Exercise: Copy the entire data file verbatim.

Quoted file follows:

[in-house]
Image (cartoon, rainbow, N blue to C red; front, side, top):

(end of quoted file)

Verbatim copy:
[in-house]
Image (cartoon, rainbow, N blue to C red; front, side, top):